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ERIC Number: ED442350
Record Type: RIE
Publication Date: 2000
Pages: 33
Abstractor: N/A
Fundamental Challenges for Liberal Arts Colleges. AGB Occasional Paper No. 38.
Neely, Paul; McPherson, Michael S.; Schapiro, Morton Owen
Association of Governing Boards of Universities and Colleges
The two essays in this document address the many challenges facing liberal arts colleges today. "The Threats to Liberal Arts Colleges" (Paul Neeley), holds that the most serious threat to liberal arts colleges is not ideology or technology but instead it is the marketplace. Competition within the liberal arts sector leads the best schools to spend more to attract the best students, to change their mission to attract corporate funding, and to become "research colleges." The essay contends, however, that the survival of liberal arts colleges lies in society's understanding of and belief in the value of the traditional liberal arts education. "The Future Economic Challenges for the Liberal Arts Colleges" (Michael S. McPherson and Morton Owen Schapiro) examines threats posed by changing student interests; the trend toward professional and vocational majors; changes in financing of liberal arts colleges, in management of tuition, student financial aid, and enrollment; and most importantly, the declining enrollment in liberal arts colleges, noting that fewer than 250,000 students out of more than 14 million experience education in a small residential college. Here, too, it is argued that liberal arts colleges offer a unique embodiment of ideals of educational excellence that are deserving of preservation. (Both papers contain endnotes.) (RH)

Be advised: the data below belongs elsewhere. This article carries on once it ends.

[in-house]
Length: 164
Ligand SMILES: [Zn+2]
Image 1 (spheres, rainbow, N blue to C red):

Association of Governing Boards of Universities and Colleges. 1133 20th Street NW Suite 300, Washington, DC 20036. Tel: 800-356-6317; Tel: 202-296-8400; Fax: 202-223-7053; Web site:
Publication Type: Opinion Papers
Education Level: N/A
Audience: Administrators; Policymakers; Practitioners
Language: English
Sponsor: N/A
Authoring Institution: Association of Governing Boards of Universities and Colleges, Washington, DC.
Note: Reprinted with permission of "Daedalus," Journal of the American Academy of the Arts and Sciences, Winter 1999, Vol. 128, No. 1.